Tony Blair denies he warned Donald Trump British spies were after him

Tony BlairA spokesman for Tony Blair has dismissed as “categorically absurd” allegations that the former British Prime Minister warned the White House that President Donald Trump was targeted by British spy agencies. The claims are made in the book Fire and Fury: Inside the Trump White House, which is due to be published next week. Its author, Michael Wolf, says he based the information in the book on more than 200 interviews that he held with President Trump and members of his inner circle during the past year.

Wolf alleges that Blair, who was Britain’s prime minister from 1997 to 2007, visited the White House in secret in February of 2017. He allegedly did so as a private citizen, as he has held no public position since 2015, when he stepped down from his post as a Middle East envoy for the United Nations. While at the White House, Blair reportedly met with Jared Kushner, Trump’s son-in-law and senior aide. During that meeting, says Wolf, Blair told Kushner that Trump could have been under surveillance by British intelligence during his presidential election campaign. The former British prime minister allegedly said that any surveillance on Trump would have been carried out by the Government Communications Headquarters (GCHQ), Britain’s signals intelligence agency. Wolf further alleges that the administration of US President Barack Obama never asked London to spy on Trump. Instead, the White House “hinted” that intelligence collection about Trump would be “helpful”, says Wolf. The reason why Blair volunteered this information to Kushner, claims Wolf, was that he was hoping to gain the US president’s trust and be appointed as Washington’s envoy to the Middle East.

Blair’s revelation, which Wolf describes in his book as a “juicy nugget or information”, allegedly “churned and festered” in Trump’s mind. It was the basis for claims made on March 14, 2017, by a Fox News commentator that the GCHQ had spied on Trump on behalf of the White House. The claim was repeated on March 17 at the White House by Sean Spicer, Trump’s then-press secretary, who said that Obama had used the GCHQ to spy on Trump so as to evade American privacy laws. Spicer’s claim prompted an angry response from the British government in London and from the British spy agency itself. In a rare public comment, GCHQ called the allegations “utterly ridiculous”.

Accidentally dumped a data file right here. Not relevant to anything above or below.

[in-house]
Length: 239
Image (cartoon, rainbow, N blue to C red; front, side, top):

Late on Wednesday, a spokeswoman for the office of Tony Blair said in an email that Wolf’s claims in Fire and Fury were “a complete fabrication […], have no basis in reality and are simply untrue”. Last year, another spokesman for Blair dismissed claims that the former British prime minister had lobbied to be appointed Trump’s Middle East envoy. This claim was so “completely overblown” and “so far beyond speculation there isn’t a word for it”, said the spokesman. President Trump has not commented on Wolf’s claim about Blair’s alleged visit and subsequent meeting with Kushner.

Author: Joseph Fitsanakis | Date: 04 January 2018 | Permalink

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Ex-MI6 head ‘might air memoirs’ to set Iraq War record straight

Sir Richard DearloveBy JOSEPH FITSANAKIS | intelNews.org |
The former director of Britain’s external spy service has hinted he might publish his personal account of the decisions that led to Britain’s entry in the Iraq War, if he is criticized in a public inquiry on the subject. Sir Richard Dearlove led the UK’s Secret Intelligence Service, known as SIS or MI6, from 1999 until his retirement in 2004. He is currently on sabbatical from his post as Master of Cambridge University’s Pembroke College, in order to research and author his autobiography. The memoir is believed to be largely preoccupied with the intelligence that led to the British government’s decision to enter the United States-led 2003 war in Iraq. Sir Richard had previously indicated that he intended to make his memoirs posthumously available as a resource to academic researchers. But in an email to British tabloid The Mail on Sunday, he hinted he would consider publishing his personal account if he finds himself criticized by the Iraq Inquiry. Known in Britain as the Chilcot Inquiry, after its Chairman, Sir John Chilcot, the Iraq Inquiry was commissioned by the British government in 2009 to investigate the executive decisions that led the country to participate in the invasion of Iraq. One of the inquiry’s many goals was to evaluate the intelligence provided by MI6 to the government of Prime Minister Tony Blair. There have been rumors that the inquiry’s declassified findings, which are scheduled for publication soon, are critical of MI6’s performance and place particular blame on Sir Richard’s role in the debacle. Read more of this post

News you may have missed #845

Lianne PollakBy IAN ALLEN | intelNews.org |
►►Mideast envoy Blair’s adviser is former Israeli intel officer. Former British Prime Minister Tony Blair is an official Middle East envoy for the Quartet, the group that represents the US, Russia, the United Nations and Europe. In his role as a mediator in the Israeli-Palestinian dispute, he is supposed to be politically neutral. But it turns out that one of his principal advisors, Lianne Polak, is an Israeli former army intelligence officer who has led intelligence teams in the Israel Defense Forces.